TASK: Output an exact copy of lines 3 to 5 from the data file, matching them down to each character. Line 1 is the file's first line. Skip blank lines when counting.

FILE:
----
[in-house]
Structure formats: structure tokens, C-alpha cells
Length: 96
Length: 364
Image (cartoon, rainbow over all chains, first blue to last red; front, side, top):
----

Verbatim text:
Length: 96
Length: 364
Image (cartoon, rainbow over all chains, first blue to last red; front, side, top):